Miller, W.C., Powers, K.A., Smith, M.K., et al. The Lancet Infectious Diseases (March 2013).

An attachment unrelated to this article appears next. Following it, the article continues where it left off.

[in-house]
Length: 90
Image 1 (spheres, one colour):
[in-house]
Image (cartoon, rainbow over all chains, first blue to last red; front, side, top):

The authors presented the limitations of using community viral load as a measure for assessing HIV epidemics, saying that the strategy has two potential uses: as a routine measure of a community's uptake of antiretroviral therapy, and as an indicator of HIV transmission within a community. The authors recommended caution in interpreting aggregate measures of viral load. The measurement is centered on individuals linked to and retained in HIV care, which creates a biased estimate by excluding undiagnosed individuals or those who are HIV-positive, yet not in care. Most communities do not have sufficient numbers of individuals retained in care to provide accurate estimates. Further, viral load varies over time; thus, the timing of measurement could affect accuracy. Accounting for a population's HIV-infected and uninfected people is important for understanding HIV transmission; current measures do not address HIV prevalence effects. Moreover, viral load distributions are often multimodal, which complicates aggregate measures. Community viral load is an inadequate measure of the potential for ongoing HIV transmission, because it represents a combination of sexual behaviors, networks, and viral loads among HIV-positive individuals, and does not identify individual transmission routes. According to the authors, a combination of measures monitoring the different aspects of the care cascade--including HIV testing, diagnosis, engagement in care, retention in care, and viral suppression--will be critical to an accurate understanding of an HIV epidemic.